Every year, parents are obligated to buy their kids (whether they like it or not) school supplies, and you can bet that pencils are on the list.
Moms and dads might be surprised to find out that those little orange sticks are made out of the 4 billion trees cut down worldwide for paper industries, and assembled with toxic chemicals in factories that pollute the air (most erasers are made from latex). After much sharpening, they are then thrown away to rest in landfills. It’s estimated that 14 billion wood pencils are made each year, and scientists have stated – to little effect – that the manufacturing process of office and school products is damaging to the environment. In fact, after construction and consumer use, these items are one of the world’s top dump-fillers.
New companies have emerged to combat the misuse of the planet’s resources for the paper and office supply industries. One such company that has emerged and specialized in recycled pencils is Earthzone, based in Vancouver, B.C. Canada. In 2005, architect and filmmaker Matty Scolozzi was unsatisfied with the slow pace of his career and created Earthzone out of a desire to start a creative business, and his passion to encourage people to save the Earth.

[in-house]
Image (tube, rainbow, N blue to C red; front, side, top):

To make recycled pencils, Earthzone takes used, whole newspaper sheets (sourced from both Canada and USA), flattens and cuts them, then wraps the pencil graphite with a water-based glue. Other recycled pencil companies have a similar manufacturing process. Even consumers who are already buying and using these types of pencils may not know is that the shavings from sharpening can also be recycled. Re-using a four-foot stack of newspapers to make these pencils can save a 40-foot pine tree.
Because the pencils are virtually air-free, they are almost impossible to break and will last up to three times more than wood pencils, which answers many parents’ qualms about eco-friendly supplies costing more than their counterparts. Over time, buying green can save you from buying more!
And, gone are the days of the boring orange pencil. Now, recycled pencils have expanded to include colored, artist, scented, and unpainted pencils that expose the newsprint the pencil was made of. An example of this is Earthzone’s Special Edition Recycled Pencil. There are so many options out there that you can be certain you’ll find a brand or type that is to your and your children’s liking.
Skeptics will say that these small items will make little impact to improve the environment, but entrepreneurs like Scolozzi are confident that every bit helps, especially when the process of making a green product doesn’t harm the Earth. Numbering in the millions of dollars, the eco-friendly product industry is a profitable one, and Earthzone alone will make six-figures by the end of the year. As long as the demand continues to grow for all products like recycled pencils to be green-made, it will just be a matter of time before other corporations follow.
Founded in 2005, Earthzone created a line of recycled pencils, which are distributed by six national distributors, including Chapters Indigo and Basics Office Products. Earthzone plans to make other sustainable products by January 2010, and to sell 30 more products by next fall. Earthzone is committed to conducting ethical and responsible business, based on principles of environmental preservation and professionalism. www.Earthzone.com